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February 27, 2014
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@Brus - You rewrite my sentence by scattering a few commas around in it: "the subjunctive is the ultimate polish, which, once mastered, allows the user the right finally to claim that he has learned the language."
It's not just a few commas, it's the logic of the language and its structure.
I would be very surprised about the excellent level of your English writing if you are not a native speaker of English, but quite curious about the way you approach the subjunctive mood if you are a native speaker.
@ Warsaw Will - If I'm not so sure about my course of action I'd use 'could, may' or 'might', but not 'would'
Agree that most people would do this, but not all, especially when accompanied with the if clause.
@ Warsaw Will - "If I won" (with real past meaning) show no such uncertainty.
Depends on what you would win, if it's a lottery, as the chance of winning is so slim, even when the if clause has the real past meaning, "If I won" does show some sort of uncertainty. But anyway, you still have a chance to win when if clause refers to the real past meaning, so it's not imaginary present.
@ Warsaw Will - I'm really only interested in how conditionals are used in everyday life, not weird and wonderful scenarios where the interpretation is stretched to the limit,...
That's why I disagree with the "I can't remember if I was the prime minister" scenario. The lottery winning context I thought of, is not that common in daily life, but not very weird and wonderful. So the difficulty for a teacher lies in how you would teach. This is extremely true when it comes to the subjunctive teaching in ESL. I find myself in good agreement with Brus in the fact that "the subjunctive is, as the conversation above indicates, complex and not to be covered in too much hurry"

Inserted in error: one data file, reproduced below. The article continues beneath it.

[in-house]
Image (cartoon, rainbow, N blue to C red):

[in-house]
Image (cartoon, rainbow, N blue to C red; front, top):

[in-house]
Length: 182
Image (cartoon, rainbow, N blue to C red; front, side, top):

@Brus - the subjunctive is the ultimate polish which once mastered allows the user the right finally to claim that he has learned the language.
In order to learn the language, it seems to me there is a lot more to master than the subjunctive, which includes the distinction between "that" and "which". Other than the questions asked in the last post, I would read the above sentence as:
"the subjunctive is the ultimate polish, which, once mastered, allows the user the right finally to claim that he has learned the language."
To be honest, it's a bit complicated sentence.
Brus - the subjunctive is the ultimate polish which once mastered allows the user the right finally to claim that he has learned the language.
Should it be "which (is) once mastered"? Can you master a polish? Or the craft of polishing?
@Sundy - Though I would have to agree that your interpretation works in your proposed context, but that's not an usual context.
Keep in mind that I have said this already.
If I say "If I was the prime minister, I'd change the law" to my colleagues tomorrow, how would they interpret? Sure, "If I was the prime minister" will be taken as imaginary assumption, which is far more common than your context.
@Brus - You allow that I could give (you) poor marks of English (sic), and indeed I I fear I must.
I don't really care about what you must do. But we are discussing the logic behind a language, not anything else.
would" works as well in 'If I won the lottery, I'd buy a new house', in which "would" implies that there is less possibility of buying a new house as other factors may come into play.
@ Warsaw Will - Well, we would in British English at least. I know Americans don't use present perfect as much as us, but if it's a real condition, you'd (they'd) still use 'will' in the result clause.
I would think simple past tense also works here. When there has been no change to the situation since the time that the past tense indicates, simple past would mean the same as the present perfect. This is the reason why American tends to use simple past in many contexts where this condition is met.